Monday, October 06, 2014

Book Notes: King, Churchill, de Gaulle.

Went recently to the launch of my friend Ray Argyle's new book The Paris Game (from Dundurn Press). I had thought it covered some detail of  France in the Second World War. In fact it's an ambitious survey of Charles De Gaulle's campaign to save something of France from the wreckage of 1940 and even more, to reposition France among the major Allied powers during the rest of the war and afterwards.

English-language works on this subject often joke about "the cross of Lorraine" that Churchill and Roosevelt had to bear because of de Gaulle, but Argyle, a francophile Torontonian, is mostly sympathetic in his treatment of de Gaulle, and makes particular note of Roosevelt's antipathy to de Gaulle. Among many Canadian connections, he notes the moment in 1940 when de Gaulle concluded that defeat was total and resolved to retire to private life in Canada.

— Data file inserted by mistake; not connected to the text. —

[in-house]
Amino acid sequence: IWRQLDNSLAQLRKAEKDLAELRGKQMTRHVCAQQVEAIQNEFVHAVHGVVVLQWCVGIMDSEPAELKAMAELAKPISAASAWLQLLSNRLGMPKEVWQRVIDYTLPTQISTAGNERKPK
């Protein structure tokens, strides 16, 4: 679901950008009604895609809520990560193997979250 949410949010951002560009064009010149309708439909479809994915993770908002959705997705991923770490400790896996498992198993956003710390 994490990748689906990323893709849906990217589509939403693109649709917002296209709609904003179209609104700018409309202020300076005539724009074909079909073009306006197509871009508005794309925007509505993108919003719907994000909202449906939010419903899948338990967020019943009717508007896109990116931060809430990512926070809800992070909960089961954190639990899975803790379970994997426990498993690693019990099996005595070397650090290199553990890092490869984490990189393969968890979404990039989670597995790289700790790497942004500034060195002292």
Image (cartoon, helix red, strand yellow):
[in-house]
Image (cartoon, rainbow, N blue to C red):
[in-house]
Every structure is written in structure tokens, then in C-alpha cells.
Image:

Then the other night my local historical society hosted Terry Reardon speaking of his new book, Winston Churchill and Mackenzie King: So Similar, So Different, also from Dundurn. I'd have said much more different than similar (!), but this too is an ambitious study. Churchill worship is endemic, King worship not so much, but Reardon is interesting on both men, who turn out to have been precisely the same age. They first met in Toronto soon after the Boer War when young celebrity Churchill was promoting a book. King, then a rising civil servant, arrived at Churchill's hotel at 11 am, found Churchill deep into the champagne, and disapproved. He came to admire eventually, but it was not the easiest of relationships, and Reardon raises many points about Churchill's imperialism and King's resistance to it.

Reardon is a retired banker and pillar of the Churchill Society of Toronto.  Argyle is a retired PR executive. Historical talent is where you find it.
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